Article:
Recommended read: Dealing with Keratitis? Discover effective strategies for overcoming the symptoms — Exploring Keratitis Treatment Options 


Blepharitis is a chronic infection involving the inflammation of the eyelids, which develops due to bacterial overgrowth in the eyelid’s oil glands.

It causes symptoms like redness, itching, swollen eyelids, crusty eyelashes, and a gritty eye sensation.

Bacterial overgrowth can contribute to the condition. Treatment usually includes eyelid hygiene, warm compresses, and occasionally antibiotic ointments.

If not managed effectively, Blepharitis can lead to complications such as Styes, Chalazia (painful lumps), Meibomian Gland Dysfunction, corneal damage, or eye infections.

Bacterial eye infection treatment

Eye careSource: Syda_Productions
Use eye drop

Treatment for bacterial eye infections often involves using prescribed antibiotic eye drops or ointments.

Antibiotics for bacterial infections, available in the form of eye drops and ointments, specifically target the bacteria causing the condition.

Doctors commonly prescribe antibiotics like Azithromycin, Moxifloxacin, and Doxycycline for eye infections.

The symptoms may gradually disappear after taking antibiotics. However, it is important to complete the full course of treatment to avoid the infection from coming back.

In addition, home remedies can help soothe mild symptoms of these infections. 

Using warm compresses and cleansing the eyelids with salt water alongside medical treatment can help relieve discomfort.  

However, home remedies for eye infections cannot replace medical treatment. They should be employed alongside prescribed medicines.

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  • Key takeaways

    Bacterial eye infections can cause discomfort and affect vision. They occur due to bacterial pathogens entering various parts of the eye. 

    Conjunctivitis, Keratitis, Stye, and Blepharitis are common bacterial eye infections.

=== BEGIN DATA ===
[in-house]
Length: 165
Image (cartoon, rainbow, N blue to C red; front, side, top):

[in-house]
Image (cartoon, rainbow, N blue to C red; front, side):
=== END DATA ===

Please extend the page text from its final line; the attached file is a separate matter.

The symptoms include redness, discharge, crusting, teary eyes, and light sensitivity.

    Timely diagnosis and appropriate treatment can effectively help manage most cases.

    If you suspect a bacterial infection in the eye or experience persistent eye symptoms, it’s essential to consult an eye care professional. 

    Frequently Asked Questions

    How do you treat a bacterial eye infection?

    You can treat bacterial eye infections with prescribed antibiotic eye drops or ointments. It is essential to complete the full course of medication as directed for effective treatment.

    How do you get a bacterial eye infection?

    Bacterial eye infections can occur through contact with infected individuals, contaminated objects, poor hygiene practices, or environmental factors. 

    How do you know if an eye infection is bacterial?

    You can tell if an eye infection is bacterial if you experience redness, discharge (yellow or green), itching, increased tear production, sensitivity to light, and a gritty feeling. 
    However, consulting a healthcare professional for an accurate diagnosis is important.

    How serious is a bacterial eye infection?

    The severity of bacterial eye infections can vary. Most cases are treatable and can go away with home remedies or antibiotics. 
    However, other cases, like Bacterial Keratitis, can be severe and may lead to vision loss or other complications if left untreated.

    Can I use over-the-counter eye drops for bacterial infections?

    No, over-the-counter eye drops are not advised for bacterial eye infections. It is essential to consult a doctor and take prescribed antibiotic eye drops or ointments for your specific condition.